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Posted on: May 20, 2021

Mayor Lee Harris’ Update on what CDC Changes Mean for Shelby County

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The message last week was simple and profound: If you’re vaccinated, you’re safe. No masks, no social distancing.

That was the announcement a few days ago from the Centers for Disease Control and Prevention and President Joe Biden. Our federal partners have advised that we can eliminate the masking requirement in most circumstances for vaccinated individuals.

This represents a real milestone for the nation and for Shelby County. As a result, our local health directive was updated to reflect the new CDC guidelines.

Thus, Shelby County has lifted its masking requirements for fully vaccinated individuals to align with CDC guidelines and virtually every community across the country. This is good news and the best sign yet that we are on the path to normalcy. I can’t wait to see smiling faces again.

The CDC changes also represent a new incentive for everyone to think seriously about vaccination. First and foremost, please consider vaccination in order to protect yourselves, your loved ones, and your community.

But, in addition, the new CDC guidelines have produced an additional benefit of vaccination. Once you get vaccinated, you have the option to do most of things you did before the pandemic, and do them without a mask.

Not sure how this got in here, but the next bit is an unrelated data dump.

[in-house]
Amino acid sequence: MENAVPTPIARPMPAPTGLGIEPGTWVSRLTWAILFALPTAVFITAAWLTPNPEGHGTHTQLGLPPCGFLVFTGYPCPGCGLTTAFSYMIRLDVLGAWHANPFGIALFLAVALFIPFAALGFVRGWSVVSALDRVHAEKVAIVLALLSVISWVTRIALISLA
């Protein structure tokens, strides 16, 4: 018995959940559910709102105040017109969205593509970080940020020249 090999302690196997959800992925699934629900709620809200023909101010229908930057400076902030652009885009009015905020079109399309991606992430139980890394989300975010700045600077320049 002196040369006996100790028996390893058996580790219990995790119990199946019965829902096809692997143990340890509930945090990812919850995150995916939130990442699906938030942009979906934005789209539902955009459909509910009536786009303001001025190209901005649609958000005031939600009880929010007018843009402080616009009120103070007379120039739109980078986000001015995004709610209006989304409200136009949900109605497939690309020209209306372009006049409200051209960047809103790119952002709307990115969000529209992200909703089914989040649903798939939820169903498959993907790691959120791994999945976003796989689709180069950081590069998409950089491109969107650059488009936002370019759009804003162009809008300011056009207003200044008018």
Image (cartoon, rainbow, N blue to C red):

This shift in policy will require all of us to adjust in a year when we’ve all had to make many adjustments. Even though you have been vaccinated and have protection, it may take time for everyone, everywhere to warm up to the idea of not wearing a mask. That’s ok. 

During this time of transition, I would ask everyone to be respectful of one another, our neighbors and loved ones, as we continue to move through this phase of the pandemic together. 

Even with the new changes here and around the country, one thing is clear and it’s this: Shelby County and the COVID-19 Joint Task Force will continue to push vaccination for the next several months. 

Just a few days ago, I was with dozens of volunteers knocking on doors in parts of South Memphis to spread the message about vaccination. We focused on communities with a relatively low vaccination up-take rate. It was hard work knocking on doors and canvassing the neighborhood. We reached more than 1,000 homes. This is what’s necessary at this time in our fight against COVID-19. Therefore, I would encourage you to also please get involved. You can sign up at shelby.community to be kept informed of similar volunteer efforts.  Or, you can start your own.

Get the Facts, Trust the Vax

Throughout the pandemic, we have learned a lot about the importance of public health.

But, more importantly, we’ve all learned that life is too short and that things can change in an instant.

Make sure you get the vaccine. Make sure you talk to your friends and loved ones about the importance of getting this vaccine.

And make sure you continue to be safe.


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